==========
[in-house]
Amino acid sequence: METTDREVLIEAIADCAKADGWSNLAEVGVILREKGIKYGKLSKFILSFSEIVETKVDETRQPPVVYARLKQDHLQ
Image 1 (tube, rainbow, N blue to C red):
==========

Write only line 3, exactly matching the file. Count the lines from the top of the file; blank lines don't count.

Image 1 (tube, rainbow, N blue to C red):